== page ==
|Keywords:||transnational migration; return migration; Pentecostalism; Global Christianity; Nikkei Brazilian; Japan; Brazil; nationalism; Cultural anthropology; Religion; Asian studies|
|Full text PDF:||http://pid.emory.edu/ark:/25593/rgw1j|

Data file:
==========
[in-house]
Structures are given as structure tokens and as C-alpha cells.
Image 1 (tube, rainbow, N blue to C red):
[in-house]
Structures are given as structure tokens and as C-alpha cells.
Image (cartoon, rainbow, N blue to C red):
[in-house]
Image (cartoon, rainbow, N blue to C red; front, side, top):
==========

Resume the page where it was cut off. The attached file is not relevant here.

This dissertation responds to the growing need to explore the intersection of migration and religion with a case study of Japanese-Brazilian (i.e. Nikkei) migrants who have converted to Pentecostalism in Japan. Their lives unfold at the intersection of two growing trends in contemporary globalization: return migration and global Pentecostalism. In Asia, it is increasingly common for nation-states to promote the 'return' of their diasporic populations by devising legal systems that accommodate such movements. In Latin America, the fast-growing Pentecostal Christianity has been developing a global web of faith networks, oftentimes relying on the transnational mobility of Latin American migrants. This dissertation is among the first to investigate the phenomenon of religious revivalism among those who partake in return migration. It examines why and how Nikkei migrants convert to born-again Christianity in a country where Buddhist-Shinto syncretism predominates. I conducted 14 months of fieldwork at the churches of Brazilian denomination called Missão Apoio, primarily in Toyota, Japan. Using mixed methods, including participant-observation, interviews, and surveys, I found that many migrants experience Pentecostalism as 'the third culture' that can help them transcend the world of ethno-national boundaries, where they have long been placed in in-between space of hyphenated identity. The dissertation focuses on five major themes to analyze the interrelations between ambiguous ethnic identity, contested national belonging, and conversion to Pentecostalism: time, kinship, affect, self, and belief. From different angles, it illuminates how migrant converts start to reinterpret their ambiguous national belonging as a spiritual asset with which to realize the impermanence of man-made realities such as 'nation.' In other words, the experience of living 'between' nations has sensitized them to the ethical vision of 'transnational transcendence,' in which they see themselves as conveyers of morality and godliness in the global mission to evangelize. Despite the numerous predictions that have been made about its wane, religion remains a pervasive and contentious force in the new century. This project helps understand why Pentecostalism has flourished at some of the most fluid and contested boundaries of the globalizing world today. INTRODUCTION – Japanese Blood, Brazilian Birth, and Transnational God – – 1 – CHAPTER 1 – Return to the Present: – 'Temporal Tandem' of Migration and Conversion – – – – 45 – CHAPTER 2 – Of Two Bloods: – Kinship, Religion, and National Belonging – – – – – – -77 – CHAPTER 3 – Culture of Love: – Family, Ethnicity, and Religion in Affective Terms – – – 105 – CHAPTER 4 – Accompanied Self: – Debating Christian Personhood in Multicultural Japan – – 153 – CHAPTER 5 – Layered Faith: – Language, Meaning, and Belief in Pentecostal Practice – -184 – EPILOGUE – National Borders, Ethnic Boundaries, and Ethical Margins-226 Advisors/Committee Members: Shore, Bradd (Committee Member), Lesser, Jeffrey (Committee Member), Ozawa-de Silva, Chikako (Thesis Advisor).